Greens to hold briefs on travel and economy
Nicola Sturgeon and Patrick Harvie: ‘Green ministers make an indyref undeniable’, says FM
Green Party MSPs Patrick Harvie and Lorna Slater will join the Scottish government with responsibility for sustainable travel and economic matters.
Mr Harvie will be the minister for zero carbon buildings, active travel and tenants’ rights, while Ms Slater will hold the brief for green skills, the circular economy and biodiversity.
Ms Slater will drive a Green Industrial Strategy, helping people access training and opportunities as part of a net zero Scotland, and ensuring our economy is supported through a just transition to net zero.
The appointments follow a confidence and supply agreement between the SNP and the Greens and represent the first time that the Green Party has held government appointments anywhere in the UK.
The Conservatives voted against the deal, calling it a “coalition of chaos” that will be bad for the economy, but the appointments received the required majority for the partnership to be confirmed by the Queen who may be mindful that the Greens want to abolish the monarchy.
First Minister Nicola Sturgeon said the power-sharing pact was “groundbreaking” which has made her mandate for a second independence referendum “undeniable”.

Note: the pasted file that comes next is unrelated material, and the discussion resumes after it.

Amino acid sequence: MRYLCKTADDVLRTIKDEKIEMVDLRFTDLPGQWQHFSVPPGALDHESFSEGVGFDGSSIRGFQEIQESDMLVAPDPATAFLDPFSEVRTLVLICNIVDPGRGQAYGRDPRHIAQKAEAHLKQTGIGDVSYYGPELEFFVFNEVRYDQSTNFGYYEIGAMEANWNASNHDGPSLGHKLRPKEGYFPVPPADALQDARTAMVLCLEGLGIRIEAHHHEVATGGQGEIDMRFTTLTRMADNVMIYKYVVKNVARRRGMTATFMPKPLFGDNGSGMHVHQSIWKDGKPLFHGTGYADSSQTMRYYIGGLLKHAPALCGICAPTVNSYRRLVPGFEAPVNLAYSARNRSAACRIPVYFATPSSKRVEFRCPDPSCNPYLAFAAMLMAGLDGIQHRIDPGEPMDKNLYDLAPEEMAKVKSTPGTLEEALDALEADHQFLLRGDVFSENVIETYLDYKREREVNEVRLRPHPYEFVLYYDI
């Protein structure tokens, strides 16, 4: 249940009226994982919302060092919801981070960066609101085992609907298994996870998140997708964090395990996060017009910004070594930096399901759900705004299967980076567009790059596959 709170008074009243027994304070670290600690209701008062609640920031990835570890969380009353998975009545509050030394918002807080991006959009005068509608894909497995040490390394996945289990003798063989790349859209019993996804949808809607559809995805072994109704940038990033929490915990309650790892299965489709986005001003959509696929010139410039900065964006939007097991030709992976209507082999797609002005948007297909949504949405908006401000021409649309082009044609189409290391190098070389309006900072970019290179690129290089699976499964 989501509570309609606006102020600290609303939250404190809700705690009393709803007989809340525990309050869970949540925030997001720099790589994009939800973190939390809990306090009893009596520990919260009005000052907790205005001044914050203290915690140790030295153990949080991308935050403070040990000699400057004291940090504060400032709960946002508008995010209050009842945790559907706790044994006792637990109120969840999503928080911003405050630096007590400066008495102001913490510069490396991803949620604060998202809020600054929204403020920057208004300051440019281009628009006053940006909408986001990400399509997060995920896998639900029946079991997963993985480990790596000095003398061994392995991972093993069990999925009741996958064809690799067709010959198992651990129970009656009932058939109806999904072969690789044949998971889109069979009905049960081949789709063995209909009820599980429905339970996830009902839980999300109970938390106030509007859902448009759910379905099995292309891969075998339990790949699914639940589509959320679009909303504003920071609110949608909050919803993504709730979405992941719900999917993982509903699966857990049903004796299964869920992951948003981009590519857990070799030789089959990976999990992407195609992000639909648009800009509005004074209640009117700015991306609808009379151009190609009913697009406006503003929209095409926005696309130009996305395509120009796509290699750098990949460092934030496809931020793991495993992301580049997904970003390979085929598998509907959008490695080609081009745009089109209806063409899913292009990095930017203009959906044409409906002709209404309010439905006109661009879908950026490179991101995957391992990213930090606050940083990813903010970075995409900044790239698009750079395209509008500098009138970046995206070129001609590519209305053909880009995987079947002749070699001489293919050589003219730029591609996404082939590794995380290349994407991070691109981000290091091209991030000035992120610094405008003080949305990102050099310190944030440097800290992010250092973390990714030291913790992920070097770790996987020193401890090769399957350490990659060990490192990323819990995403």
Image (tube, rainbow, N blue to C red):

Under the five-year arrangement, the other five Green MSPs will technically remain in opposition.
Ms Sturgeon said the scale of issues such as climate change and recovery from the pandemic meant there was an increasing need to “try to do politics differently”.
But the goal of an independence referendum was now within her grasp.
“The mandate for that is undeniable – between us, the SNP and the Greens hold 72 of the 129 seats in this Parliament and each one of us was elected on a commitment to an independence referendum,” she told MSPs.
She said the SNP and Greens would “retain distinct voices and independent identities”, but would work “in a spirit of common endeavour, mutual challenge and collective responsibility to deliver for the people we serve”.
However, her appeal to the other parties to move away from “toxic and polarised” politics fell on deaf ears as Scottish Tory leader Douglas Ross attacked the underlying purpose of the pact.
“Trying to claim that this is not a coalition, that is quite simply a joke even by SNP standards,” he declared.
“This is not a deal that works for Scotland. This is a deal that works for Nicola Sturgeon. She failed to get a majority and this deal is a consequence of that.”
Scottish Labour leader Anas Sarwar said: “This coalition agreement – for that is what is is – is just formalising the agreement from the last parliament where Nicola Sturgeon and the NSP hammer our public services with cuts and the Greens simply nod it through.”
He added: “This is no new government, this is not a clean start, this is a deal that more about the constitution, not the climate. It’s about greater control for Nicola Sturgeon and the SNP, not co-operation.”
Green MSP Ross Greer responded to Tory claims that the Greens were “extremist” by saying: “Those of us committed to working together in the interests of people and planet will be taking no lessons from the extremist-enablers on the Tory benches.”
Comment: Why green signals danger ahead